Elegant... and Dying' (Text/Object exhibition)

Christopher Orchard, Claire Perri

    Research output: Non-textual outputs, including Creative WorksCreative Works - Original - Visual art works


    1. Research Background. - Field; The images within the exhibition make a contribution to the increasing body of knowledge of the work of mourning, in particular Robert Jay Liftons' social theory of 'symbolic immortality' and Jaques Derridas' 'gift of death'. - Context; The artist in this exhibition is exhibiting acts of false-hood within remembrance: dealing with the nature of the mortal self as a mutable existence. Interested in programming his own immortal self the artist uses the act of photography as an extension of self, a memento mori, a reminder that we all will inevitably die. There is also critical reflection upon traditional religious symbolism and its re-interpretation into gothic subculture. - Research Question; Can the artist through a process of deliberate misrepresentation of self and subject create objects of memento mori in order outlive the true body individual. Can these objects that attest to false-hood deliver meaningful insight into the truth of the individual, and how much do we truly 'know' the artist.2. Research Contribution.The artist documented the Gothic subculture of regional Australia through a photographic eye depicting the individuals as marginalised, representational, fractured and ultimately fictitious versions of their real selves in order to create misleading memories, and misleading photographic-truths.In this way the artist directed and worked towards a deliberate re-programming of the knowledge of the individuals. Choosing what parts of the sitters to be remembered and which to be forgotten. The photographer in this instance exercises great power over the subject they are choosing to show.3. Research Evidence.This work made a significant contribution to the understanding of the role of Gothic and Heavy-metal subculture within regional Australia due to its meshing of genre and its diversity of ethnic and musical backgrounds. By choosing to show, or hide as each case permits certain truths about theindividuals a fabricated world is presented, showing that to some degree the artist and creative individual has some control over at least a single element of creative immortality.Images from this exhibition were collected by the School of Visual and Performing Arts and can be found hung in the corridors of the schools facilities.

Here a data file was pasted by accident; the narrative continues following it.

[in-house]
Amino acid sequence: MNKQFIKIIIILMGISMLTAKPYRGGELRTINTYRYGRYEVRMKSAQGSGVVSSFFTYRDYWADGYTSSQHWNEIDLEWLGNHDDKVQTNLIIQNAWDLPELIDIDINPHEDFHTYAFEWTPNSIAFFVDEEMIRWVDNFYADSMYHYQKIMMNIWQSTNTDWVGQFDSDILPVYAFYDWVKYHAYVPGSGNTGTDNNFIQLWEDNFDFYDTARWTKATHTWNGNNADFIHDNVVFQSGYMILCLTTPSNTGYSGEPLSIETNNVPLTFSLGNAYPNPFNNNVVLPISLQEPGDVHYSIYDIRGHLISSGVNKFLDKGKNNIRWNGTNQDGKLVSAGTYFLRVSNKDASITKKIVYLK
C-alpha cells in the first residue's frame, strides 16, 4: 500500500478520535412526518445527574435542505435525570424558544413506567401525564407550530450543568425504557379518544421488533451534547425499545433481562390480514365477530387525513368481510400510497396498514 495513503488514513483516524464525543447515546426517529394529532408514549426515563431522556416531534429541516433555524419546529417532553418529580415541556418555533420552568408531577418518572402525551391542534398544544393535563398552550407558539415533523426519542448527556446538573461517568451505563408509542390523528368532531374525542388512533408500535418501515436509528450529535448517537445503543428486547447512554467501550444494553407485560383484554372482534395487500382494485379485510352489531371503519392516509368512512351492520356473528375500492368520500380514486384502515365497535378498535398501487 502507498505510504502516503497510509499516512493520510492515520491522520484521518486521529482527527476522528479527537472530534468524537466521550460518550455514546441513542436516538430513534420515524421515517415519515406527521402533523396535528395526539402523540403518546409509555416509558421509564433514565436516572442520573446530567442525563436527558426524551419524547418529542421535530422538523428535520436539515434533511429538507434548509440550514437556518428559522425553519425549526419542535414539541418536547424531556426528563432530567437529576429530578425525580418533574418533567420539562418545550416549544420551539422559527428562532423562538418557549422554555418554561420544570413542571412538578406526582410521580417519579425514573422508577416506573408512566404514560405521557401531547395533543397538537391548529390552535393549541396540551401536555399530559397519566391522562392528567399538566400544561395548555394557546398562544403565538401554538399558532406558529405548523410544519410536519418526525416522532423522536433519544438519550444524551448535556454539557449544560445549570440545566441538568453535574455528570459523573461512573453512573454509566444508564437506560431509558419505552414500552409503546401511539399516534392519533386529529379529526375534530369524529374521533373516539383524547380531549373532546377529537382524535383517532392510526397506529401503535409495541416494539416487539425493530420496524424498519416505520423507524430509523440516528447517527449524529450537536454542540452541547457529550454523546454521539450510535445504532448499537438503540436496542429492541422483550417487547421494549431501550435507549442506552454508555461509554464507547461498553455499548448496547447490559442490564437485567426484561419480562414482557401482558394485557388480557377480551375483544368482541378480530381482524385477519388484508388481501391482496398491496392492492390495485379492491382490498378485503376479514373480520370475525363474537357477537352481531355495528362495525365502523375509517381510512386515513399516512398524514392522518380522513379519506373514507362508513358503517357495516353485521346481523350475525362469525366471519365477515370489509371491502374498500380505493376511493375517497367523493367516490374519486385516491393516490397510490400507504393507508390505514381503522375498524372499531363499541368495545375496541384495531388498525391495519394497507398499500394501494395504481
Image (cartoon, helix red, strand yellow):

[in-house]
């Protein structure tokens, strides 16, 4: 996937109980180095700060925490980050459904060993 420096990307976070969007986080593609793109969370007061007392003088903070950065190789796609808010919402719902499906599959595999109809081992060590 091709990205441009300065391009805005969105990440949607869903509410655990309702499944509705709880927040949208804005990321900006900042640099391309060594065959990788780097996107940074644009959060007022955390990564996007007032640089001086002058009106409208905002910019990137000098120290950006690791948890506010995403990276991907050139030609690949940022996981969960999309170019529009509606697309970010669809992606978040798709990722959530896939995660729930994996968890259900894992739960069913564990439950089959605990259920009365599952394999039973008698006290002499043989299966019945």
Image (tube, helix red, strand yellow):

Original languageEnglish
    Place of PublicationWagga Wagga, NSW, Australia
    PublisherWagga Regional Art Gallery
    SizeExhibition ran from 7 November 2008 to 11 January 2009
    Publication statusPublished - 2008
    EventText/object : an exhibition of collaborative and inter-disciplinary works by staff of the School of Visual and Performing Arts, Charles Sturt University -
    Duration: 07 Nov 200830 Jan 2009


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